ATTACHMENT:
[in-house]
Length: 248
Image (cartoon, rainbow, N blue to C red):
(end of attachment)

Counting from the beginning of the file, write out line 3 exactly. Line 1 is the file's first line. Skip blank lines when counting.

Image (cartoon, rainbow, N blue to C red):